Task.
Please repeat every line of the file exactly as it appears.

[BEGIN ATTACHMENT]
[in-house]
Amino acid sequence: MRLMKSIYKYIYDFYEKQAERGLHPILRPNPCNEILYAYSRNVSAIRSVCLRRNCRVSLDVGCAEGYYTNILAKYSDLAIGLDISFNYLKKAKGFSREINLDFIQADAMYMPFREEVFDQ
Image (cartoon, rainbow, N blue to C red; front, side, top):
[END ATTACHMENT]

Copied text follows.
[in-house]
Amino acid sequence: MRLMKSIYKYIYDFYEKQAERGLHPILRPNPCNEILYAYSRNVSAIRSVCLRRNCRVSLDVGCAEGYYTNILAKYSDLAIGLDISFNYLKKAKGFSREINLDFIQADAMYMPFREEVFDQ
Image (cartoon, rainbow, N blue to C red; front, side, top):